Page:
|DR YANSIE ROLSTON Monday, March 20 2017|
MEDICAL doctors are great people because they help the sick to get better and reduce mortality rates; their proud families can be heard bragging and boasting about their substantial earning power. But the stark reality is that they are also susceptible to individual and occupational situations which affect their mental and physical well-being.
The World Health Organisation states that one in four people will experience an episode of mental illness during their life time, whether we choose to believe it or not, doctors are included in that statistic.
The image of a doctor is that of a lifesaving hero, but the job is incredibly challenging. The burden of responsibility placed on doctors to care for and preserve life, and the knowledge that one mistake could be fatal is extremely onerous.
Doctors are faced with sickness, suffering and death on a daily basis, often working in stressful environments; juggling increased clinical demands, pacifying anxious and aggressive patients and/ or families, using outdated or malfunctioning equipment, and struggling with a health service beset with drug shortages.
It shouldn’t come as a surprise that they are also vulnerable to the personal circumstances to which everyone is exposed. They too undergo the psychological and emotional impacts of relationship breakdowns and family dysfunction, death of close relatives, self-doubt and criticism, financial burdens, and lifestyle behaviours such as drink and drug misuse and abuse.
All of which have the potential to cause or exacerbate mental health struggles.
There is a connection between the pressures of the job and emotional resilience, it is therefore no surprise that mental illness is common amongst doctors, and their rates are higher than other professional groups (Journal of Mental Health). Societal pressures force them to appear healthy, so they mask their mental health struggles such as depression, anxiety and addiction.
Consequently, they are reluctant to seek help, even if it adversely affects the quality of the care they provide.
Dr Naresh (not his real name) was diagnosed with cancer while going through an acrimonious divorce and seeking custody of his children. He admitted to having days when his personal issues, compounded with work-related pressures led to bouts of depressive anxiety, and lapses in concentration. He suspected that his peers were aware his personal problems were affecting his clinical performance, but he was hesitant to discuss his psychological distress to them for fear of being ridiculed and ostracised. His biggest anxiety was the implications the stigma and discrimination of mental health could have on his professional future.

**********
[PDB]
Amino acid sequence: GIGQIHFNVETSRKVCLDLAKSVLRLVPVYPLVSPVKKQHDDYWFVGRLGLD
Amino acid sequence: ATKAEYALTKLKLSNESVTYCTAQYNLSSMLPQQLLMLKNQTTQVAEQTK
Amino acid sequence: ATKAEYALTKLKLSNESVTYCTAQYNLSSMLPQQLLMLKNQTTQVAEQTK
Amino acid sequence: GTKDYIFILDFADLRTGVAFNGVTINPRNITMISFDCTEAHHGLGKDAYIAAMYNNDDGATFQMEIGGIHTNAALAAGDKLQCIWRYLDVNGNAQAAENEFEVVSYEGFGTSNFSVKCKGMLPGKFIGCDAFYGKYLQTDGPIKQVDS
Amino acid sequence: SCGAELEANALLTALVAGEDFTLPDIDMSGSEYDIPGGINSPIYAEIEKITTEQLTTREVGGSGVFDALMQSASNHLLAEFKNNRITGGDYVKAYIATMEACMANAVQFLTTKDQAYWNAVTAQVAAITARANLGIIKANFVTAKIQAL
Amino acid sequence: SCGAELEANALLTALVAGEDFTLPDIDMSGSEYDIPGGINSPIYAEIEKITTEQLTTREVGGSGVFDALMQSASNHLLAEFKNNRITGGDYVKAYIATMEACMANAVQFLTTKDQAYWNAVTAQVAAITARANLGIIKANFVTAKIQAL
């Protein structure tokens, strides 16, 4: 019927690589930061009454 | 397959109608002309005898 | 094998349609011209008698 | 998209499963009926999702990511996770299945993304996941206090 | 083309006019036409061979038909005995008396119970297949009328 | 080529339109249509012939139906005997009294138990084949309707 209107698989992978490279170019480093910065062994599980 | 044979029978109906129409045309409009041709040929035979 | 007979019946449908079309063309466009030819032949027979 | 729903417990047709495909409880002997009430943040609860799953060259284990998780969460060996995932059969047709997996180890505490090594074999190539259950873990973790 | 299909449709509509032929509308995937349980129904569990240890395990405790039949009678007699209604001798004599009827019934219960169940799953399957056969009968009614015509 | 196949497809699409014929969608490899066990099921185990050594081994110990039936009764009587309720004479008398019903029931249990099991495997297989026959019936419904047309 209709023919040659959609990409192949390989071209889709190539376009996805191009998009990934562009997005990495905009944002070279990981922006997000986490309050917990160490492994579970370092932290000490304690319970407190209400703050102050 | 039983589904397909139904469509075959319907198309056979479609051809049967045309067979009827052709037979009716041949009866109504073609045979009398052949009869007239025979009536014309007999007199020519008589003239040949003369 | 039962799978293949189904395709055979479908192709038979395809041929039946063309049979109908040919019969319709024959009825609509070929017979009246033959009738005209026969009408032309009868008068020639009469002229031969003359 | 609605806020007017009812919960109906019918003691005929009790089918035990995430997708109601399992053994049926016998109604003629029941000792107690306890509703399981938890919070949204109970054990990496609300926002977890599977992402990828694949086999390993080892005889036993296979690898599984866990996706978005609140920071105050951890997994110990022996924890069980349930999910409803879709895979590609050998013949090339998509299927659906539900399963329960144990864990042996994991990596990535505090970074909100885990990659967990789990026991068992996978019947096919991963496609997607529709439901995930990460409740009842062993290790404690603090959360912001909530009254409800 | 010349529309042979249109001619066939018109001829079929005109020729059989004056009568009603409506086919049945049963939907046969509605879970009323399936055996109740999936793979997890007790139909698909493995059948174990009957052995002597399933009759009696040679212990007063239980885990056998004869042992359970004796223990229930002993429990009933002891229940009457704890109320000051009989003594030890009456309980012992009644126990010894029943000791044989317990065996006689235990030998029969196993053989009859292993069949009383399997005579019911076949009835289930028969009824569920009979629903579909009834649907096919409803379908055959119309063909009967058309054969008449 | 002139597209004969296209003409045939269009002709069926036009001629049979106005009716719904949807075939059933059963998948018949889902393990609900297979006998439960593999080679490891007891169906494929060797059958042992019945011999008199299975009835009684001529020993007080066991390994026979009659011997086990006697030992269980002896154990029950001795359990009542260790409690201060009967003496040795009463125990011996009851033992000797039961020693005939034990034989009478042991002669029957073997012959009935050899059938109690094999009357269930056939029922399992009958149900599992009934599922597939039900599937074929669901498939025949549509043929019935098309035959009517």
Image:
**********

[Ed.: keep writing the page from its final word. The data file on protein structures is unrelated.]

Social stratification means that as a doctor he was always afforded a high level of autonomy, power and prestige. So accepting that he was unable to cope, made him feel a failure, exacerbating his depressive anxiety. For a while he self-medicated with alcohol, cigarettes, promiscuity, and misused opiate prescription drugs which were easy for him to access.
Until one day, after a serious lapse in clinical judgment which endangered the life of a patient, he had to acknowledge the gravity of his mental state, and that his impaired performance could no longer be ignored. He finally accepted that in spite of his reluctance he had to get help, so he took holidays and sought medical treatment abroad.
Doctors are fallible human beings and should not have to silently endure feelings of shame, embarrassment and guilt because they are struggling mentally. Stigma, discrimination and misperceptions of mental health affects everyone and needs to be continually challenged.
Remember, the very doctors we rely upon to keep us safe and well, work in highly-pressured, emotionally demanding environments, and like all of us they also endure challenges which affect their well-being. Consequently, if we expect them to provide first class patient care, and save lives, it is vital that they are able to seek mental health support and treatment when they need it.
The mental health of our doctors and health care providers, is important to us all and matters to everyone.
Dr Yansie Rolston FRSA is a UK-based disability and mental health specialist advisor. She is a social change trainer and facilitator who works internationally, at various levels of government, business, and civil society. Contact her at firstname.lastname@example.org